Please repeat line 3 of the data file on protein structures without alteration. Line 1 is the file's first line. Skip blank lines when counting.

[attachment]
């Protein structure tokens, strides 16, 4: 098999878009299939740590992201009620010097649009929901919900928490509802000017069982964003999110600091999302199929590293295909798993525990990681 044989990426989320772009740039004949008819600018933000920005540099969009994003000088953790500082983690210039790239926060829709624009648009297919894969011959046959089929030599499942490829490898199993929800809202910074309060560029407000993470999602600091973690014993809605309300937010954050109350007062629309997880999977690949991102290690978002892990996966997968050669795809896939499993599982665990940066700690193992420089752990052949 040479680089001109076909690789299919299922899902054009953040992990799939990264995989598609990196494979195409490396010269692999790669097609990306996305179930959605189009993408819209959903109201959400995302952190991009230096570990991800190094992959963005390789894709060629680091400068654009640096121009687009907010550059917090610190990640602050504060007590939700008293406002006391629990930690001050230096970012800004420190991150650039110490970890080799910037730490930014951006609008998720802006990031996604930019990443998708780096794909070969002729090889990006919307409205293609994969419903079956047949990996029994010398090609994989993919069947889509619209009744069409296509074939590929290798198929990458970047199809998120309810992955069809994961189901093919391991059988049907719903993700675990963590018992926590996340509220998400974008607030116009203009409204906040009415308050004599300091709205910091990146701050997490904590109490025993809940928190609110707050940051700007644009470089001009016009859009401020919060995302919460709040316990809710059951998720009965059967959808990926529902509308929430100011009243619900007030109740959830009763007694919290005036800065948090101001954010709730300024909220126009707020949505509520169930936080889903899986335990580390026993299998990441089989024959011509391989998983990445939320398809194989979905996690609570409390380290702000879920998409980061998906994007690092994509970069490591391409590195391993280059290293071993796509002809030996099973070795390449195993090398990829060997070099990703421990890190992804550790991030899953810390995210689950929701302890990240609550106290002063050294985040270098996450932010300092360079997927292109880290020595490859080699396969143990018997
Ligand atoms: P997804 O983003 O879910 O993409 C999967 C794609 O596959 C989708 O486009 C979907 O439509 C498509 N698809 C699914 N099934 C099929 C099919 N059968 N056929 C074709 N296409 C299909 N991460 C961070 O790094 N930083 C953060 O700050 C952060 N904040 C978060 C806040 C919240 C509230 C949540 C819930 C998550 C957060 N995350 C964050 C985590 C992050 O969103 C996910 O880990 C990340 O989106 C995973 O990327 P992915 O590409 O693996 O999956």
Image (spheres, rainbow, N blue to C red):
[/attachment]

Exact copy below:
Image (spheres, rainbow, N blue to C red):